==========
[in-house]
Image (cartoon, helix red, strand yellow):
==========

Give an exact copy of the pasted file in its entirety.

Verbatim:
[in-house]
Image (cartoon, helix red, strand yellow):